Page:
CTIS Seminar: Retranslating Zola in Stereo: Working with/against Vizetelly
|Dates:||14 February 2019|
|Times:||14:00 - 15:30|
|What is it:||Seminar|
|Organiser:||School of Arts, Languages and Cultures|
|Who is it for:||University staff, Adults, Alumni, Current University students, General public|
French ‘naturalist’ writer Émile Zola (1840-1902) published his novel La Joie de vivre, the 12th in the 20-volume cycle about the fictional Rougon-Macquart family during the Second Empire, in 1884. Unlike Zola’s better-known novels, La Joie de vivre has not been well served by translations into English. Apart from a 1955 version by Jean Stewart, long out of print, the only available translation was until recently the heavily bowdlerized one made in 1888 by Ernest Alfred Vizetelly, which has determined the novel’s largely unfavourable reception in the English-speaking world. At the time of his translation, Vizetelly’s father, the publisher and translator Henry Vizetelly (1820-1894), had been found guilty in London on charges of obscene libel for publishing a translation of Zola’s La Terre (1887). Vizetelly fils therefore adopted a policy of strict self-censorship in his own translations of Zola, in conformity with the conservative moral codes of British Victorian respectability. As a result, a novel with a powerful feminist agenda and which gives a large place to female agency and desire, is seriously distorted by his translation. Despite this, I will argue that the modern translator has much to gain from being constantly aware of the English-language ‘inscription’ (Venuti, 2017) of the novel produced by his predecessor a century and a quarter ago.
The paper discusses why, in preparing my own 2018 English-language version of La Joie de vivre for Oxford World’s Classics, I chose to make use of Computer-Assisted Translation (CAT) tools. Normally employed professionally to translate non-literary texts containing a significant amount of terminology and/or a degree of repetition, CAT tools are widely considered unsuitable for literary work, which typically uses a non-technical register and deliberately avoids repetition. Using the freeware tool LF Aligner, I aligned Zola’s original text at sentence level with Vizetelly’s English translation to create one translation memory per chapter. The alignments themselves give a fine-grained and quantifiable insight into the features of the original, from single words to whole pages, that Vizetelly felt obliged to omit or otherwise censor, making it easier to draw conclusions than would possible simply by reading the two texts side by side. Translation Memory allows a dual (or potentially, a multiple) reading of the source text through the prism of a prior translation, which can help focus and calibrate new solutions. It also gives a tangible clue to what Walter Benjamin meant, in his famous preface ‘The Task of the Translator’, about the after-life of the work, and translation as reconstructing the shattered vessel of Pure Language. My concluding contention is therefore that a CAT tool, through the stereophonic/-scopic reading of the source text that it makes possible, can enhance the creative process of understanding and retranslating a classic work of literature such as La Joie de vivre.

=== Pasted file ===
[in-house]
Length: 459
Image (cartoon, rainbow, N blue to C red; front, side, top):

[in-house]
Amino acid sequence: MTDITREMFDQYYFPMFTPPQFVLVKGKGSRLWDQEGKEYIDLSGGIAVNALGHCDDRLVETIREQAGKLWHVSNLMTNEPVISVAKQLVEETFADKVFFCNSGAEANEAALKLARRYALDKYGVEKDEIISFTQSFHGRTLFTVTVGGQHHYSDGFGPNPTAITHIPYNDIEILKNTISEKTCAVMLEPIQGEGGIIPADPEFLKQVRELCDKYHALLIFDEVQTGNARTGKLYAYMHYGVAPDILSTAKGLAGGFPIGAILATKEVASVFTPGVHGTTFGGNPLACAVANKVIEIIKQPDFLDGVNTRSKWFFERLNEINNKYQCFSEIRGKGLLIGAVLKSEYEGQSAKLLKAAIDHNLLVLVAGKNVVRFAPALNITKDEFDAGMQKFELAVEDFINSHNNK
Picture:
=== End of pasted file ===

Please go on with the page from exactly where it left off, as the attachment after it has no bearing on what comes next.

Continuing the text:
Organisation: Swansea University
Biography: Andrew Rothwell is Professor of French and Translation Studies at Swansea University. His main research interests are in contemporary French poetry and visual arts, literary translation, and computerised translation tools. In addition to The Bright Side of Life, he has translated into English works by a number of contemporary French poets, as well as Thérèse Raquin by Emile Zola (Oxford: Oxford University Press, 1998). He is a member of the Board of the European Master’s in Translation Network and co-chairs the EMT Working Group on Translation Tools and Technologies.
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